Wednesday, July 14, 2010

The German struggle against Zionism, for Islamism

While we're on the subject of the Nazi influence on fundamentalism in the Arab and Muslim world, Daniel Pipes has a review in Commentary (subscription required) of Jeffrey Herf's book Nazi propaganda for the Arab world. Pipes' conclusion is all the more remarkable because he is a late convert to the idea that fascism had a weighty impact on Islamism. Via Jonah Goldberg's blog:

"A specialist in modern German history at the University of Maryland, Herf brings a new corpus of information to light: summary accounts of Nazi shortwave radio broadcasts in the Arabic language that were generated over three years by the U.S. embassy in Cairo. This cache reveals fully, for the first time, what Berlin told the Arabs (and to a lesser extent, the Iranians). As page after page of Nazi Propaganda for the Arab World establishes in mind-numbing but necessary detail, the Germans above all pursued two themes: stopping Zionism and promoting Islamism. Each deserves close consideration.

And his conclusion:

"Ideas the Nazis helped spread in the Middle East have had an enduring twofold legacy. First, as in Europe, they built on existing prejudice against Jews to transform that prejudice into something far more paranoid, aggressive, and murderous. One U.S. intelligence report from 1944 estimated that anti—Jewish materials constituted fully half of German propaganda directed to the Middle East. The Nazis saw virtually all developments in the region through the Jewish prism and exported this obsession.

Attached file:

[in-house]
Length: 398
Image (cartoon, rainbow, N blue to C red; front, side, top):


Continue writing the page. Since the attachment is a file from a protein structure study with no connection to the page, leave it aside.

"The fruits of this effort are seen not only in decades of furious Muslim anti-Zionism, personified by Arafat and Ahmadinejad, but also in the persecution of ancient Jewish communities in countries like Egypt and Iraq, which have now shriveled to near-extinction (my emphasis - ed), plus the employment of Nazis such as Johann van Leers and Aloïs Brunner in important government positions. Thus did the Nazi legacy oppress Jewry in the Middle East post-1945.

"Second, Islamism took on a Nazi quality. As someone who has criticized the use of the term Islamofascism on the grounds that it gratuitously conflates two distinct phenomena, I have to report that Herf’s evidence now leads me to acknowledge deep fascist influences on Islamism. This includes the Islamist hatred of democracy and liberalism and its contempt for multiple political parties, preference for unity over division, cult of youth and militarism, authoritarian moralism, cultural repression, and illiberal economics.

"Beyond specifics, that influence extends to what Herf calls an “ability to introduce a radical message in ways that resonated with, yet deepened and radicalized, already existing sentiments.” Although a scholar of Europe by training, Herf’s detective work in the U.S. archives has opened a new vista on the Arab—Israeli conflict and Islamism, as well as made a landmark contribution more broadly to an understanding of the modern Middle East."

The rest of Jonah Goldberg's post deals with reviews of Paul Berman's must-read book, The flight of the intellectuals. See also review by Melanie Phillips and this post.

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